During Associate U.S. Supreme Court Justice Elena Kagan’s 2010 confirmation hearings, she was asked where she had spent the previous Christmas. With a broad smile, Ms. Kagan responded, “You know, like all Jews, I was probably at a Chinese restaurant.” Senator Charles Schumer, a Jewish senator from New York, explained to his colleagues that the only restaurants open on Christmas are Chinese restaurants, since most other ethnic food establishments are closed due to their observance of their Christian holiday. Laughter ensued.

The established affinity of Jews for Chinese food can be attributed to factors beyond seeking a place to eat on one particular day a year. Below are some suggested motivations.

The Jewish and Chinese communities in the United States are two of the largest non-Christian minorities, and have been, since the turn of the 20th century. In 1910, there were 1,000,000 Jews living in New York City, comprising 25% of the population, and, at the same time, Chinese Americans moved from California to lower Manhattan, living side-by-side with the immigrant Jewish population, and many of them entered the restaurant business. The connection therefore, could be a factor of a shared geography.

Others view Chinese food as culturally close to kosher food. In the early 20th century, fidelity to the traditional laws of kashrut (dietary laws) was very inconsistent among the immigrant population. While many maintained the dietary laws according to the letter and spirit of halacha (Jewish law), others sought small departures, and others rejected kashrut entirely. While there are some fully kosher Chinese restaurants (mostly in areas with large Jewish populations), most Chinese restaurants do not observe the Jewish dietary laws. One difference between Chinese food and Italian and Mexican diets is that Chinese cooking generally avoid using dairy products. For Jews looking to take baby steps away from the traditional dietary laws, not full breaches, some argue that Chinese food was a type of compromise in avoiding mixing milk and meat. Similarly, others advance that since Chinese chefs tend to mince, chop, process and cut, they somewhat “disguise” the non-kosher ingredients, which made the meal seem less blatantly non-kosher for those not seeking to emphasize their break with tradition. However, others, such as the author of “New York Jews and Chinese Food: The Social Construction of an Ethnic Pattern” argue that embracing the Chinese menu was an act of disobedience to the strict kosher rules, as the Chinese menu features foods that are very foreign to the kosher palate, such as swine products, lobsters, shrimp and other forbidden sea creatures.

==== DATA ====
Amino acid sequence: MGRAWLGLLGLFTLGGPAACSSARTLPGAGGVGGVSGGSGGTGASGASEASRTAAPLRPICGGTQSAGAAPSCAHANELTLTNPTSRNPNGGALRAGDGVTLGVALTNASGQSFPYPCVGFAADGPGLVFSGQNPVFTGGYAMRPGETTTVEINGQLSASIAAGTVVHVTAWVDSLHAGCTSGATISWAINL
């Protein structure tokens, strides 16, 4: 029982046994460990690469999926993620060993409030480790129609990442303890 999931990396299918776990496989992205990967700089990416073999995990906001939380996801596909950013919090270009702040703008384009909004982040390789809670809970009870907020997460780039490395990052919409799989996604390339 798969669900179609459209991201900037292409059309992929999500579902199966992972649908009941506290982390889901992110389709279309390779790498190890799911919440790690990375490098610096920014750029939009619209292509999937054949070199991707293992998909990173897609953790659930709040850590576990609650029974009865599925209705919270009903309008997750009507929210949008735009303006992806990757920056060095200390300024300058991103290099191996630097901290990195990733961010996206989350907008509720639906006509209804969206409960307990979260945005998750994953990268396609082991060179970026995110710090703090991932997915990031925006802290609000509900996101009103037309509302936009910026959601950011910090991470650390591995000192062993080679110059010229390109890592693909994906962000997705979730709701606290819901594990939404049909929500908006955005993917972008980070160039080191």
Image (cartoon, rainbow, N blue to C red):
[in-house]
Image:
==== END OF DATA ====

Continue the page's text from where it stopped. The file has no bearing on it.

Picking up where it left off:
Another suggestion advances that Chinese cooking is known to adapt to adopted countries, and, could make customers accustomed to Jewish food feel comfortable. Ms. Jennifer 8. Lee, producer of “The Search for General Tso,” argues that “Chinese food is the ethnic cuisine of American Jews. In fact, they identify with it more than they do with gefilte fish or all kinds of Eastern European dishes of yore.”

Josh Ozersky, a food writer, opined that Jews love Chinese food because it’s so conducive to “take out.” Culturally, he writes, Jews love to eat at home, and traditional Jewish foods take a long time to make. Chinese food is easily transferred to one’s home and can generally be obtained or prepared quickly and easily.

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